A Nevada court has ordered an evidentiary hearing regarding whether a class could be certified of persons called by a payday loan company. Applicants for the loans listed referenced on an application, and if the applicant was delinquent, the loan company would call the references’ numbers using an ATDS. Bates v. Dollar Loan Center.
The Court did not grant certification, but ruled that certain questions needed to be answered to determine if the class was certifiable, including whether the named plaintiff’s claims were typical of that of the class.
Comment: If you use an ATDS and call cell phones, you should be very careful regarding how those numbers were obtained. If you cannot verify how the numbers were obtained, then you should not use an ATDS or you should ensure that no calls are placed to cell phones.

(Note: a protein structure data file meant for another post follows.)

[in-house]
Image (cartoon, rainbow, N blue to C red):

Tennessee is one of the few states which still publishes its own “do-not-call” list and requires entities to purchase it prior to making calls into the state. The form for this purchase requires a toll-free number. I discussed this with the administrator of the program, Jimmy Hughes, who informed me that the form is incorrect and the number does not need to be toll-free.